Nurses’ perspectives on child-friendly care needs in emergency departments: A qualitative study

Jao Shwann Liang, Hui Yu Lin, Yen Ju Chen, Fei Chen Lai, Hsin Ming Liu, Chiu Yueh Yang, Yueh Tao Chiang, Chi Wen Chen*

*Corresponding author for this work

Research output: Contribution to journalArticlepeer-review


Background: Children can become anxious when undergoing emergency medical treatment. Therefore, emergency departments should be child friendly. This study explored emergency nurses’ perspectives on children's needs during emergency care. Method: This qualitative study employed purposive sampling to recruit 17 emergency nurses from 3 medical centers in northern and central Taiwan. Individual interviews were conducted between January and August 2021. Data were analyzed through qualitative content analysis. Results: The participants had 2–23 years of experience in caring for children in emergency departments. We identified 208 unique meaning units in the interview data, 79 of which were related to child-friendly emergency care. These were classified into 42 codes across 6 categories and 27 subcategories. The six categories were timely comfort, emotional care, frontline safety, emergency response, human resources support, and treatment efficiency. Conclusion: Emergency nurses have professional competencies, play a crucial role as care providers for children in the emergency department, and ensure the comfort and safety of children seeking treatment. The categories related to child-friendly emergency care identified in this study can serve as a basis for developing child-friendly care emergency guidelines.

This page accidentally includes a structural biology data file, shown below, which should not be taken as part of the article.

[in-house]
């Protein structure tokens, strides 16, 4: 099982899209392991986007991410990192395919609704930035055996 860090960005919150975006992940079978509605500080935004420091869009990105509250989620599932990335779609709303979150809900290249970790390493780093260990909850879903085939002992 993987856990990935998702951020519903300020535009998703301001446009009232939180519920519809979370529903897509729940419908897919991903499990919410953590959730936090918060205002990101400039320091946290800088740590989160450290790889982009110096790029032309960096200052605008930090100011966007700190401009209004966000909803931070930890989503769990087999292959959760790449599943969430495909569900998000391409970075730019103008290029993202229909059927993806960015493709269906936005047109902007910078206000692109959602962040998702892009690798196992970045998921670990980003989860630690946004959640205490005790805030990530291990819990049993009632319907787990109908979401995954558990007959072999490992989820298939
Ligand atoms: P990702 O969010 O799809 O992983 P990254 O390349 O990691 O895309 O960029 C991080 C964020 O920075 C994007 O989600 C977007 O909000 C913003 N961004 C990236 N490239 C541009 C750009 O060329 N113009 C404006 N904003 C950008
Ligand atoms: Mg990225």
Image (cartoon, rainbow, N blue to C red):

Original languageEnglish
Article number101402
JournalInternational Emergency Nursing
StatePublished - Mar 2024


  • Child
  • Emergency department
  • Needs
  • Nurses
  • Qualitative research


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